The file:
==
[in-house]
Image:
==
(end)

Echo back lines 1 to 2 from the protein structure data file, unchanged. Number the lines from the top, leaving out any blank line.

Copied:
[in-house]
Image: